Tim Koons-McGee ’80 finds himself — and career success — behind the ice cream counter

Tim Koons-McGee ’80, left, and his husband, Roy, resolved to embark on a career together: running an ice cream shop.
Tim Koons-McGee ’80, left, and his husband, Roy, resolved to embark on a career together: running an ice cream shop.
Courtesy The Comfy Cow

Tim Koons-McGee ’80 finds himself — and career success — behind the ice cream counter

Tim Koons-McGee ’80 tried “a million” careers — he owned a swimming-pool company, trained thoroughbred racehorses, and restored historic homes — but nothing stuck. “All of them were successful, but there was always this burning desire to do something else,” says Koons-McGee, who lives in a suburb of Louisville, Ky. 

Then, at the age of 40, he came out as gay. He explained this to his 10-year-old daughter (he was divorced from her mother), who soon decided to live with him full-time. Several years later, his romantic partner of 10 years died of a brain aneurysm, and within the next year his father and brother also died. Koons-McGee became, he says, “a high-functioning alcoholic.” One night he found himself in a bar in Louisville and asked himself, “What am I doing?” He went to Alcoholics Anonymous the next day and has been sober since.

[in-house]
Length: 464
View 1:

OPEN FOR BUSINESS: We asked ourselves are people going to want to eat gay ice cream? But Louisville is very gay-friendly, so it really wasn't an issue.

He met Roy McGee at an AA meeting. The two were married in Montreal in 2007 (they changed their last names to Koons-McGee) and resolved to embark on a career together: running an ice cream shop. “We went to the bank at the height of the Great Recession,” Koons-McGee says. “They thought we were insane.”

After friends and family offered help — and a different bank offered a loan — the pair opened The Comfy Cow in Louisville in December 2009. “We had lines out the door, even though it was winter,” he says. The shop has an eclectic vibe, with recycled church pews and ice cream scoops hanging from the ceiling. There are now eight Comfy Cow shops in three states.

At 57, Koons-McGee has found success, in more ways than one: “I’m very comfortable in my own skin, and that’s a good place to be.”